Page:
Document Detail


A two-handed jaw-thrust technique is superior to the one-handed "EC-clamp" technique for mask ventilation in the apneic unconscious person.
MedLine Citation:
PMID:  20808210     Owner:  NLM     Status:  MEDLINE    
Abstract/OtherAbstract:
BACKGROUND: Mask ventilation is considered a "basic" skill for airway management. A one-handed "EC-clamp" technique is most often used after induction of anesthesia with a two-handed jaw-thrust technique reserved for difficult cases. Our aim was to directly compare both techniques with the primary outcome of air exchange in the lungs. METHODS: Forty-two elective surgical patients were mask-ventilated after induction of anesthesia by using a one-handed "EC-clamp" technique and a two-handed jaw-thrust technique during pressure-control ventilation in randomized, crossover fashion. When unresponsive to a jaw thrust, expired tidal volumes were recorded from the expiratory limb of the anesthesia machine each for five consecutive breaths. Inadequate mask ventilation and dead-space ventilation were defined as an average tidal volume less than 4 ml/kg predicted body weight or less than 150 ml/breath, respectively. Differences in minute ventilation and tidal volume between techniques were assessed with the use of a mixed-effects model. RESULTS: Patients were (mean ± SD) 56 ± 18 yr old with a body mass index of 30 ± 7.1 kg/m. Minute ventilation was 6.32 ± 3.24 l/min with one hand and 7.95 ± 2.70 l/min with two hands. The tidal volume was 6.80 ± 3.10 ml/kg predicted body weight with one hand and 8.60 ± 2.31 ml/kg predicted body weight with two hands. Improvement with two hands was independent of the order used. Inadequate or dead-space ventilation occurred more frequently during use of the one-handed compared with the two-handed technique (14 vs. 5%; P = 0.013). CONCLUSION: A two-handed jaw-thrust mask technique improves upper airway patency as measured by greater tidal volumes during pressure-controlled ventilation than a one-handed "EC-clamp" technique in the unconscious apneic person.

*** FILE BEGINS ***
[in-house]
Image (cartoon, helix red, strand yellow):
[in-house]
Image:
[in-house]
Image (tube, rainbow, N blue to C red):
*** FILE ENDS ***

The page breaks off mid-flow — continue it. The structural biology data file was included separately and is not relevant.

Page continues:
Authors:
Aaron M Joffe; Scott Hetzel; Elaine C Liew
Publication Detail:
Type:  Journal Article; Randomized Controlled Trial    
Journal Detail:
Title:  Anesthesiology     Volume:  113     ISSN:  1528-1175     ISO Abbreviation:  Anesthesiology     Publication Date:  2010 Oct 
Date Detail:
Created Date:  2010-09-24     Completed Date:  2010-10-13     Revised Date:  -    
Medline Journal Info:
Nlm Unique ID:  1300217     Medline TA:  Anesthesiology     Country:  United States    
Other Details:
Languages:  eng     Pagination:  873-9     Citation Subset:  AIM; IM    
Affiliation:
Pulmonary, Allergy and Critical Care, University of Wisconsin School of Medicine and Public Health, Madison, Wisconsin, USA. joffea@uw.edu
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MeSH Terms
Descriptor/Qualifier:
Adolescent
Adult
Aged
Apnea / complications*
Clinical Competence
Cross-Over Studies
Double-Blind Method
Female
Humans
Intraoperative Care
Jaw / physiology*
Laryngeal Masks*
Male
Middle Aged
Respiration, Artificial / methods*
Respiratory Function Tests
Risk Factors
Tidal Volume
Unconsciousness
Young Adult

From MEDLINE®/PubMed®, a database of the U.S. National Library of Medicine


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